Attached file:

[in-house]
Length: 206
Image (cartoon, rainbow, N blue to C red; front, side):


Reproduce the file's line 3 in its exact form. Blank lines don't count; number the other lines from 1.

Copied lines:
Image (cartoon, rainbow, N blue to C red; front, side):